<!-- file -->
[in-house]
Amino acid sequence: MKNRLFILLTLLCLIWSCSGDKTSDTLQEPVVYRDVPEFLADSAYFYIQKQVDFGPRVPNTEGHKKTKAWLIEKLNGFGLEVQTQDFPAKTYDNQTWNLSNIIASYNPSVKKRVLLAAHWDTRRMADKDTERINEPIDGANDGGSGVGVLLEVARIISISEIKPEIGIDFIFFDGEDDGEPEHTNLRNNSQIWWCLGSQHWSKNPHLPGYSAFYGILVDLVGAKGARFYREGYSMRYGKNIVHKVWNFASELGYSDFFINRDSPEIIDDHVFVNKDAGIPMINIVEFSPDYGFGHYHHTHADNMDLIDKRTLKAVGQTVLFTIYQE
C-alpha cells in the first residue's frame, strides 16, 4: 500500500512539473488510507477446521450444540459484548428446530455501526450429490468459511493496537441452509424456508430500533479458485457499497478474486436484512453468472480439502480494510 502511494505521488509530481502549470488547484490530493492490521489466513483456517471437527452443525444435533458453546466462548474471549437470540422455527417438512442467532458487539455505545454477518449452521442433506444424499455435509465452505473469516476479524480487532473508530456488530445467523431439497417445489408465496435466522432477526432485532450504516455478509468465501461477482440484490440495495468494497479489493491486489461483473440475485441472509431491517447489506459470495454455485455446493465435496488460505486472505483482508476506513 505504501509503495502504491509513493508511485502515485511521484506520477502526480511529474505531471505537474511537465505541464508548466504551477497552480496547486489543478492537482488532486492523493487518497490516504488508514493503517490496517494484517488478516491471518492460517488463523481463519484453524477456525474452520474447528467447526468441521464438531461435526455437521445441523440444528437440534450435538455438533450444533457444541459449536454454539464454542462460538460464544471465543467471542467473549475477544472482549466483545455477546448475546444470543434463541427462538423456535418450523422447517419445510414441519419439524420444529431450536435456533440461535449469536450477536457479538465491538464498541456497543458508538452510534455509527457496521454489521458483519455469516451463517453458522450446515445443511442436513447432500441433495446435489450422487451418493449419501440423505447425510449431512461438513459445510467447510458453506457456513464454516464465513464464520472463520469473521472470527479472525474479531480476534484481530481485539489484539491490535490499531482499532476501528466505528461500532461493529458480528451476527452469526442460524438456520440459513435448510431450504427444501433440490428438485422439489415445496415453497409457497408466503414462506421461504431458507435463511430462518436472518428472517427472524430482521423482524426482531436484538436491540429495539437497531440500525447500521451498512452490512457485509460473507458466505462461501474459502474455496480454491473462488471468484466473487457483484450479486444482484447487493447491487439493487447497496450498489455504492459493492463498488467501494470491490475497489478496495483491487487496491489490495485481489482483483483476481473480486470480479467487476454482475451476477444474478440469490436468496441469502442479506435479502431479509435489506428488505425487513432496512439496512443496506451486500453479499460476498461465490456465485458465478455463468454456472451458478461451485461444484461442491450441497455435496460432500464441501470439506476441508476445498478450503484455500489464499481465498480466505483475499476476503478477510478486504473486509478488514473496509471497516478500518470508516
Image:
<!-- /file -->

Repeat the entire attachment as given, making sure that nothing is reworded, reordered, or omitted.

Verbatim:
[in-house]
Amino acid sequence: MKNRLFILLTLLCLIWSCSGDKTSDTLQEPVVYRDVPEFLADSAYFYIQKQVDFGPRVPNTEGHKKTKAWLIEKLNGFGLEVQTQDFPAKTYDNQTWNLSNIIASYNPSVKKRVLLAAHWDTRRMADKDTERINEPIDGANDGGSGVGVLLEVARIISISEIKPEIGIDFIFFDGEDDGEPEHTNLRNNSQIWWCLGSQHWSKNPHLPGYSAFYGILVDLVGAKGARFYREGYSMRYGKNIVHKVWNFASELGYSDFFINRDSPEIIDDHVFVNKDAGIPMINIVEFSPDYGFGHYHHTHADNMDLIDKRTLKAVGQTVLFTIYQE
C-alpha cells in the first residue's frame, strides 16, 4: 500500500512539473488510507477446521450444540459484548428446530455501526450429490468459511493496537441452509424456508430500533479458485457499497478474486436484512453468472480439502480494510 502511494505521488509530481502549470488547484490530493492490521489466513483456517471437527452443525444435533458453546466462548474471549437470540422455527417438512442467532458487539455505545454477518449452521442433506444424499455435509465452505473469516476479524480487532473508530456488530445467523431439497417445489408465496435466522432477526432485532450504516455478509468465501461477482440484490440495495468494497479489493491486489461483473440475485441472509431491517447489506459470495454455485455446493465435496488460505486472505483482508476506513 505504501509503495502504491509513493508511485502515485511521484506520477502526480511529474505531471505537474511537465505541464508548466504551477497552480496547486489543478492537482488532486492523493487518497490516504488508514493503517490496517494484517488478516491471518492460517488463523481463519484453524477456525474452520474447528467447526468441521464438531461435526455437521445441523440444528437440534450435538455438533450444533457444541459449536454454539464454542462460538460464544471465543467471542467473549475477544472482549466483545455477546448475546444470543434463541427462538423456535418450523422447517419445510414441519419439524420444529431450536435456533440461535449469536450477536457479538465491538464498541456497543458508538452510534455509527457496521454489521458483519455469516451463517453458522450446515445443511442436513447432500441433495446435489450422487451418493449419501440423505447425510449431512461438513459445510467447510458453506457456513464454516464465513464464520472463520469473521472470527479472525474479531480476534484481530481485539489484539491490535490499531482499532476501528466505528461500532461493529458480528451476527452469526442460524438456520440459513435448510431450504427444501433440490428438485422439489415445496415453497409457497408466503414462506421461504431458507435463511430462518436472518428472517427472524430482521423482524426482531436484538436491540429495539437497531440500525447500521451498512452490512457485509460473507458466505462461501474459502474455496480454491473462488471468484466473487457483484450479486444482484447487493447491487439493487447497496450498489455504492459493492463498488467501494470491490475497489478496495483491487487496491489490495485481489482483483483476481473480486470480479467487476454482475451476477444474478440469490436468496441469502442479506435479502431479509435489506428488505425487513432496512439496512443496506451486500453479499460476498461465490456465485458465478455463468454456472451458478461451485461444484461442491450441497455435496460432500464441501470439506476441508476445498478450503484455500489464499481465498480466505483475499476476503478477510478486504473486509478488514473496509471497516478500518470508516
Image: